Sustainability in Naval Forces

In recent years‭, ‬sustainability has emerged as a pivotal concept‭, ‬embodying the balance between meeting present needs while safeguarding the capacity of future generations to fulfil their own‭. ‬It has become a cornerstone in the pursuit of equilibrium across the social‭, ‬economic‭, ‬and environmental facets of development initiatives and strategies‭.‬

For naval forces‭, ‬sustainability refers to the ability to sustain and endure over the long term by providing an optimal balance‭ ‬between the effectiveness and efficiency of the naval operations‭, ‬preserving resources‭, ‬improving energy efficiency‭, ‬reducing environmental impact‭, ‬and protecting marine environments simultaneously‭.‬

This necessitates naval units to operate sustainably by embracing principles‭, ‬procedures‭, ‬and technologies aimed at preserving oceans‭, ‬mitigating the adverse impacts of maritime activities‭, ‬and bolstering maritime security alongside naval capabilities‭. ‬Sustainability is paramount in naval forces‭, ‬primarily due to the demanding maritime working conditions and their profound impact on the marine environment‭. ‬In recent years‭, ‬there has been a notable shift towards prioritising sustainability techniques within‭ ‬naval operations‭, ‬marking a significant area for research and development in the military sector‭. ‬Implementing these sustainability techniques upholds the delicate balance of the marine ecosystem while simultaneously reducing the adverse effects of military activities on the sea and its inhabitants‭. ‬Furthermore‭, ‬sustainability in naval forces transcends a mere operational necessity‭; ‬it is a strategic imperative aimed at safeguarding critical marine resources and averting their depletion‭. ‬This necessitates the adoption of sustainable practices within this pivotal sector‭, ‬not only to mitigate environmental impacts but also to attain economic and social sustainability in the long run‭.‬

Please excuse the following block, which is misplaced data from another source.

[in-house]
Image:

Importance of Sustainability in Naval Forces‭:‬

The importance of sustainability in naval forces cannot be overstated‭, ‬especially in light of the growing global concern over climate change and the imperative to reduce carbon emissions while safeguarding precious resources‭.  ‬Thus‭, ‬examining and assessing‭ ‬sustainability practices within naval operations is crucial to evaluating their impact on the marine environment and the benefits they bring‭. ‬This endeavour aims to refine the maritime strategies of armed forces‭, ‬mitigating their adverse environmental effects and striving towards environmental‭, ‬economic‭, ‬and social sustainability in military activities‭.‬

To achieve these objectives‭, ‬the following steps must be taken‭:‬

•‭ ‬Achieving a comprehensive understanding of how naval activities impact the environment

•‭ ‬Identifying and implementing sustainable maritime technologies to minimise negative repercussions

•‭ ‬Achieving efficient waste management

•‭ ‬Harnessing renewable energy sources

•‭ ‬Enhancing fuel consumption efficiency

•‭ ‬Preserving biodiversity and marine resources

•‭ ‬Regulating sustainable fishing practices‭, ‬and safeguarding critical marine‭  ‬like coral reefs

•‭ ‬Reducing both environmental and economic costs within the naval sector

•‭ ‬Raising awareness among naval personnel about the importance of sustainability and promoting environmentally responsible behaviour

•‭ ‬Collaborating with local communities to align efforts and achieve mutually sustainable goals‭, ‬thereby preserving the integrity‭ ‬of this vital sector